Chilly falcon

But for just a moment and then her expression changed to something a little less pathetic. This Peregrine, whose name means traveler in Latin, noticed my bird feeder and came in for a closer look…

Spying on lunch

Now I was in fact, thrilled to see her since these magnificent birds of prey were nearly wiped out by DDT – one of the problems with being top of the food chain! They have enough problems in life since 70% of them don’t survive their 1st year because the little ones are favourite food themselves for eagles and owls.

Should I warn those gentle songbirds that they were being considered for lunch? Should I scare her out of the tree or leave well alone? She sat out there for a long time watching… I opted to let nature run it’s course and it seems she was just sheltering from the storm. The songbirds get to live another day.



Posted in Environment, Life, Photography, Puzzles and Contradictions, Thoughts, Winter | Tagged , | 42 Comments

Bear with me!

There are some fears, rational or otherwise, that intrude into even the most pleasant of experiences. We’re back on the Bruce Trail again in our quest to complete the full, just under 1,000 kms, length. My hiking partner Cheryl and I are relishing it over 4 years… which is just another way of saying that we’re not speed hikers. It also means that this is our 3rd Spring with all the fantastic, re-emerging life that we get to witness. The rocky escarpment floor and naked deciduous trees, just before they sprout leaves, have a stark beauty all their own.

Where are we??

Now this is forested Ontario so that includes great big bears and Cheryl is always on the lookout for them. She declares every crevice or cave we pass probably houses one…

Another bear cave

We’ve been known to blow whistles, carry bells or just talk loudly so we don’t surprise a sleepy, hungry, just awakening bear along the way.

Here I’m descending yet another ladder but more importantly, can you see what that is peaking out of my backpack?

another ladder


Guess what?







For those of you who guessed bear spray – full marks…Although apparently you have to get in really close and spray in the eyes for it to do any good so I think it just makes us feel better.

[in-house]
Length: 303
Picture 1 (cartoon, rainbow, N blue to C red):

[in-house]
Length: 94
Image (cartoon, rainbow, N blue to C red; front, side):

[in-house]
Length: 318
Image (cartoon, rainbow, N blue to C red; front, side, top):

For the record, talking loudly and a lot, seems to be what we excel at and so far we haven’t met a bear!

We’ve seen interesting signs of other creatures from square shaped holes left by woodpeckers, to tree bark chewed by hungry winter deer.

Woodpecker holes

Teeth marks

We’ve seen bear scat and heard odd grunts, that didn’t come from either of us, but so far at least the trail has been bear free. But we know they’re there and, of course, now that we’re getting further north… Our heartfelt wish however, is to complete this trail without seeing a single one.

On a more serious note, our Province has inexplicably authorized a spring bear hunt for the first time since 1999. Even many hunters are opposed to killing bears at a time when they’re having cubs. This statement on the side of a shed I’ve passed for years, explains just how I feel about that idea!

Bear as hunter

Posted in Environment, Hiking, Humour, Photography, Thoughts, Walking | Tagged , , , , , | 69 Comments

Simple solutions and happy dances

This is my fault because I had my snow tyres removed, I thought as I watched the freezing rain through the window!

Iced trees

There is a savage beauty to this scary stuff and the way it coats everything and it can fell even the strongest tree. My thoughts usually turn to birds and making sure the feeder is topped up because it will be impossible for them to find food, until the ice thaws.

Icy seedheads

The power in our town went out for six hours but that was okay because it was night time and you could easily get cosy under the covers. We had a major storm in 2013 that took weeks to recover from, so this was not so bad I thought as we went to bed.

Ah yes, but things had changed in my life and while our power came back on by the following morning there was no power at the co-op barn…so no pump for the water well and 12 horses and 4 minis who had to stay in their stalls because it was treacherous underfoot and branches were falling everywhere…yikes!

door and ice

Iced tree